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Thomas Coltrin Keefer, one of the most successful civil engineers, and public writers in Canada, was born at Thorold, near the Falls of Niagara, on the 4th of November, 1821. He is the grandson of a United Empire Loyalist, George Kieffer, an Alsatian Huguenot, who emigrated from France, and settled in the Province of New Jersey, before the American Revolution, where the father of the Canadian family was born a British subject, in 1773. The emigre lost his life and property in the cause of the House of Hanover, and in 1790 George Keefer, his son, came to Canada, where he lived until 1858. His son Thomas was educated at Upper Canada college, 1833-1838, and in the latter year commenced the practice of his profession on the Erie Canal. Returning to Canada he was engaged upon the Welland Canal, where he was the division engineer until 1845, when he was appointed chief engineer of the Ottawa river works. After the successful completion of these works in 1848, the office was abolished, and in 1849 he employed his forced leisure, first, in writing the “Philosophy of Railroads,” at the request of the president of the Montreal and Lachine railway company, and, secondly, in winning Lord Elgin’s prize for the best essay on “The Influence of the Canals of Canada on her Agriculture.” The “Philosophy of Railways” was widely distributed and translated into French, and earned for its author the right to be considered the father of railways in Canada, because its leading idea was, that, while the construction of railways could not be advocated in Canada as a commercial speculation on account of the sparsity of population, and competition of water communication, yet they were indispensable in order to prevent a wholesale emigration to the United States; and they would be so indirectly profitable that it was the duty of the Government and the municipalities to aid to such an extent as would secure their construction.
In 1850 Mr. Keefer reentered the Government service for a short time in connection with the surveys for the navigation of the rapids of the St. Lawrence above Montreal, as well as of the connection by rail or canal of the. St. Lawrence and the St. John rivers, by the route of Lake Temiscouata. The following winter he was sent to Boston to assist the United States Consul, Mr. Andrews, in his first report in relation to a Reciprocity Treaty with Canada. Two years later he was called to New York by Mr. Andrews, who was then engaged with his second report. On the map prepared by Mr. Keefer for this report, the air line, from St. Paul via Sault Ste. Marie to Quebec, is laid down as showing the value of Canadian routes to the northwestern States of the Union. Mr. Andrews’ report bears acknowledgment, as well as evidence of Mr. Keefer’s labors. These reports paved the way to the successful negotiation of the Reciprocity Treaty in 1854.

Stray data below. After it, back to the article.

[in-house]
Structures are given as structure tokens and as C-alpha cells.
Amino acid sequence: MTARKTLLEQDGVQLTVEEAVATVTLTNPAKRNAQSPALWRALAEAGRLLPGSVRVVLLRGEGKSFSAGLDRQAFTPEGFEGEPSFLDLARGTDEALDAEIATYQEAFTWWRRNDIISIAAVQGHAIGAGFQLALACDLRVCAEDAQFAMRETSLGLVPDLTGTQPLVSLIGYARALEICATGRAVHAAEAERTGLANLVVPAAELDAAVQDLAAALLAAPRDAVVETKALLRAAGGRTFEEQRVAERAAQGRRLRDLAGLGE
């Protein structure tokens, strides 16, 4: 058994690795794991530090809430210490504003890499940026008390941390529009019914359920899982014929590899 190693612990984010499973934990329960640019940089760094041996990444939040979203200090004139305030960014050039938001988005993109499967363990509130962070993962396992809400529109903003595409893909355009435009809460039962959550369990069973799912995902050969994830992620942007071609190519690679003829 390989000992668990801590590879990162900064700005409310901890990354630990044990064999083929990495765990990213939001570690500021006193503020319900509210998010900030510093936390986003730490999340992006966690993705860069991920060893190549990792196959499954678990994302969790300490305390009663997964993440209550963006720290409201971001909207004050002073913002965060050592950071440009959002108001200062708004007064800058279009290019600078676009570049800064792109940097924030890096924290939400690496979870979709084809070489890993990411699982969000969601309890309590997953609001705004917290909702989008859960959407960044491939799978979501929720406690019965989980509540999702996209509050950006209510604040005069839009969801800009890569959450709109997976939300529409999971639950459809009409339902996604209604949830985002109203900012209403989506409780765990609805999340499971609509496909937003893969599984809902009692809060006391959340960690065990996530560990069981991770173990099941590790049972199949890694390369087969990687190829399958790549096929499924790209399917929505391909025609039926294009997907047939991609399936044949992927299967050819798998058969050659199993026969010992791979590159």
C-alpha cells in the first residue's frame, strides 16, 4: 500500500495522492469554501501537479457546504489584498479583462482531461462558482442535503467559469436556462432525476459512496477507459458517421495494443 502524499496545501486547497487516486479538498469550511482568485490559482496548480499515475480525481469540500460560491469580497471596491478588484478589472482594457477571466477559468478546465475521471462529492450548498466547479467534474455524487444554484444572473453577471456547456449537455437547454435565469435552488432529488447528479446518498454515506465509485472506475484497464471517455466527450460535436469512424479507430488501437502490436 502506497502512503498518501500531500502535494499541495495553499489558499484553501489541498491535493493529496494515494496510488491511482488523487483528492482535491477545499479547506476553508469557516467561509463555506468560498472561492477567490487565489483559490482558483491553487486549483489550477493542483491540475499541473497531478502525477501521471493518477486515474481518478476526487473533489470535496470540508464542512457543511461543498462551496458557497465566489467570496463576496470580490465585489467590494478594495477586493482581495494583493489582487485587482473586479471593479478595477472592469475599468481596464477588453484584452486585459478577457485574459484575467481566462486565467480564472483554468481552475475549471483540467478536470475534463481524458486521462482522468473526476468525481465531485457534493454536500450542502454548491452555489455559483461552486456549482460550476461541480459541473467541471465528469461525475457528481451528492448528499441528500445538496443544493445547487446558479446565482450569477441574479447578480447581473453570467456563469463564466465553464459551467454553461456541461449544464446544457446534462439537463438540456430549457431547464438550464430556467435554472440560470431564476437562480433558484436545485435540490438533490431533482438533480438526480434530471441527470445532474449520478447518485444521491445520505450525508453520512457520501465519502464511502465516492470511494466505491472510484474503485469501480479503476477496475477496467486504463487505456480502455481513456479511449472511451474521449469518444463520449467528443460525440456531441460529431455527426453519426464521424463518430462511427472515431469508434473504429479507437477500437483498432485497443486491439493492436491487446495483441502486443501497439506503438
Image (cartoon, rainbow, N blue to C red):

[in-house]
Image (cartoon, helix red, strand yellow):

In 1851 Mr. Keefer was appointed to make the preliminary surveys for the Grand Trunk railway, and for the railway bridge over the St. Lawrence at Montreal. As the winner of the prize essay, he was named by Lord Elgin, one of the Canadian commissioners for the first International Exhibition, at London, 1851, which he visited. In the same year he gave evidence before Parliament in favor of the gauge of New York and New England as the proper one for Canada, and his views in this respect have been confirmed by the recent abandonment of the Canadian gauge.
In 1846 two eminent American engineers had reported upon the question of bridging the St. Lawrence at Montreal, where the winter display of the power of ice is greatest, and both had selected sites for draw bridges in the wide water of the Lapr ie basin, above the city, which would have required a very long superstructure, and have involved a considerable detour to reach the Portland railway. They considered that any attempt to bridge at the narrower part of the river near the city, would block the river so as to endanger both the bridge and the city.
In his report Mr. Keefer demonstrated that the ice jams were due to the unnecessary breadth of the water way, and not only chose the narrower site at Point St. Charles, but proposed to shorten the superstructure by half a mile of solid embankment at each end, thus confining the current to the deeper channel, and preventing the grounding of the ice. He also abolished the draw, by raising the bridge over the navigable channel approaching this with an ascending grade from either shore. The Victoria Bridge has been constructed upon the principles laid down in Mr. Keefer’s report, and, as twenty years’ experience has proved, without risk to the city or to the bridge.
In his prize essay on the canals of Canada, the author showed that the interests of agriculture, commerce and manufactures were inseparable; that our commercial interests, as carriers by the St. Lawrence, would make agricultural protection as unwise as it was unnecessary, while our long winters and the necessity of providing diversified employment for those who would not follow agriculture, required the encouragement of such manufactures as could thrive amongst us.
Mr. Keefer was appointed engineer to the Montreal Harbor Commmissioners in 1853, when the commissioners were engaged in deepening the channel between Montreal and Quebec. He recommended an extension from 16 feet, as proposed, to 20 feet depth, as not only required, but as relatively more economical; the cost of plant and preparation being in many places the chief item of expense.